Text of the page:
Children and adolescents who do not get enough sleep have a higher risk for many health and behavior problems. Learn how much sleep students need and how many are not getting it. Children and adolescents who do not get enough sleep have a higher risk of obesity, diabetes, injuries, poor mental health, and problems with attention and behavior.
Lack of sleep can make it harder for your child to behave well, regulate emotions, pay attention and do well at school, and get along with others. Teenagers need hours of sleep each night. This means teenagers still need more sleep than adults to be at their best during the day.
Box 30, Helsinki, Finland. Here we report the first and most robust evidence about how sleep habits are associated with regional brain grey matter volumes and school grade average in early adolescence. Shorter time in bed during weekdays, and later weekend sleeping hours correlate with smaller brain grey matter volumes in frontal, anterior cingulate, and precuneus cortex regions.
Most teens don't get enough sleepusually because their schedules are overloaded or they spend too much time texting or chatting with friends until the wee hours of the morning. Other teens try to go to sleep early, but instead of getting much-needed rest, they lie awake for hours. Over time, nights of missed sleep whether they're caused by a sleep disorder or simply not scheduling enough time for the necessary ZZZs can build into a sleep deficit or sleep debt.
Adolescence is a time of significant maturation—physical, emotional, intellectual. Sleep fuels these important processes. Their hectic routines, their inexperience managing their time and making healthy choices, and the often sleep-unfriendly schedule of the world around them put teens at high risk for sleep deprivation.
Besides leaving your teen yawning and cranky during the day, sleep deprivation can increase the chances that he or she will perform poorly in school, become depressed or stressed out, get colds more frequently, or have an accident while driving. If your teen seems tired and irritable all the time, you might blame these changes on the infamous hormonal swings that accompany adolescence, but they could be signs of insufficient sleep. First off, your teen may claim to not have enough time to sleep, given all the homework and other responsibilities that he or she has.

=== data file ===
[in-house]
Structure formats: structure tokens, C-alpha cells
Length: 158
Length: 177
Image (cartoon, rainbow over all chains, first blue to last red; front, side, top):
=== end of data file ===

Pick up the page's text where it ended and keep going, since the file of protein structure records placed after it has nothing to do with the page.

Teens are often subject to the same pressures as adults that can greatly disrupt their sleep, so it can be important to follow simple tips to improve teen sleeping. Discover some recommendations to improve teens' sleep and resolve insomnia through common sense advice about habits. It is tempting to stay up late or sleep in, but just as in adultsit is important to keep a regular sleep schedule.
Teen sleep cycles might seem to come from another world. Understand why teen sleep is a challenge — and what you can do to promote better teen sleep. Teens are notorious for wanting to stay up late and for not wanting to get up early. If your teen is no exception, find out what's behind this behavior and how you can help him or her get better sleep — starting tonight.
Sleep is food for the brain. During sleep, important body functions and brain activity occur. Skipping sleep can be harmful — even deadly, particularly if you are behind the wheel.